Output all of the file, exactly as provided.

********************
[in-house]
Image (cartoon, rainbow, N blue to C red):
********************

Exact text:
[in-house]
Image (cartoon, rainbow, N blue to C red):